Is it too much to believe that when we are trying to do the right thing, God goes before us to prepare the way? That does not mean our path is always paved with success. Sometimes it gets more difficult, but when we maintain our integrity, others can be threatened, but when we are faithful before God, we are going to find a blessing somewhere.
God wants us to maintain our integrity even when our spiritual temperature is low. God wants us to do what is right even when we don’t feel like doing what is right.
What if we reacted to situations solely only on our feelings? What if did unto others as we would like to do unto them? If I did unto others the way I wanted to do unto them instead of the way Jesus told me I should, I might end up in jail.
Instead, we are to “do unto others as we would have them do unto us,” the basis for our acts of integrity. We can do this regardless of how close or how far away we are feeling to God at the time.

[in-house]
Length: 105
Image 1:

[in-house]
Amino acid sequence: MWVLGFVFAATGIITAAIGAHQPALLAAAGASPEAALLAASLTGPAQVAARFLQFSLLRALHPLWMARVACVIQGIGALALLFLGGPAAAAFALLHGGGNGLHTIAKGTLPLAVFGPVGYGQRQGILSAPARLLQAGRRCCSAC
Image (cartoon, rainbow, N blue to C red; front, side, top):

In this case, while the official was sympathetic to Daniel’s plight, he was not a risk taker and he did not grant Daniel’s request.
Now Daniel could have said, “Well, God, I have reached a dead end.” Instead, he continued to work with what the system gave him. It gave him the guard, whom the chief official appointed over Daniel, Hananiah, Mishael and Azariah.
So Daniel cut a deal with the guard to given them nothing but vegetables and water for ten days and at the end of those ten days to test them, which he did. At the end of those ten days the guard decided they looked healthier and better nourished than any of the young men who ate the royal food so he took away their choice food and the wine they were to drink and gave them vegetables instead.
If we maintained our integrity only on those days we felt close to God, how would we do? Feelings can mislead us. Integrity is doing what is right because we know it to be right, even when we don’t feel like doing it.